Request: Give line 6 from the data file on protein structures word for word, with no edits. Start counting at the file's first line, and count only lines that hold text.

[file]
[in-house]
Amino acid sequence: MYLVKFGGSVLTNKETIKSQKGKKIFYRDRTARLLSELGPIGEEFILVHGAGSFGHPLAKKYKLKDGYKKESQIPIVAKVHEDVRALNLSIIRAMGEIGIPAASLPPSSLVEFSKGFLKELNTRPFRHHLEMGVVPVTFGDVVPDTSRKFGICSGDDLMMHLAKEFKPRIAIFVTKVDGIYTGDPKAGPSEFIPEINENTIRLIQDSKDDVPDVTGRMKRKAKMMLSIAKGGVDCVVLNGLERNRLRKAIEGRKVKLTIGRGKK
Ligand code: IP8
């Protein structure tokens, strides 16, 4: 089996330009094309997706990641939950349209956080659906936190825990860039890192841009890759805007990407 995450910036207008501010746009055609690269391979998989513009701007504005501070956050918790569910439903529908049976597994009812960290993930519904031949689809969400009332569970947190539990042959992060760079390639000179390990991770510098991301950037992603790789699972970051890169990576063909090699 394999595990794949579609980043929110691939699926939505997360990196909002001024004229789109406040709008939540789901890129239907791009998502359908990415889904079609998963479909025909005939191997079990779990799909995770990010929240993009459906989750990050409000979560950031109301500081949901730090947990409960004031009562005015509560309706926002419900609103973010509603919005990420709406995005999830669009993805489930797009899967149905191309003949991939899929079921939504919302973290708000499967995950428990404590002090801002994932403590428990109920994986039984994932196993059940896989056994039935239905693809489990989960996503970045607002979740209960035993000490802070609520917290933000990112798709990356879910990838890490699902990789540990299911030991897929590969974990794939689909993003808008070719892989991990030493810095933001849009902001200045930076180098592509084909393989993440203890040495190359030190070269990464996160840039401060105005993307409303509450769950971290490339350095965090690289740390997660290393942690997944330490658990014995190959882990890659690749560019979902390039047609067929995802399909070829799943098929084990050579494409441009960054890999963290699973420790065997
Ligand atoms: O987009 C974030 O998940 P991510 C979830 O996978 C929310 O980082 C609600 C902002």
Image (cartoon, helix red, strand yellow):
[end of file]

Image (cartoon, helix red, strand yellow):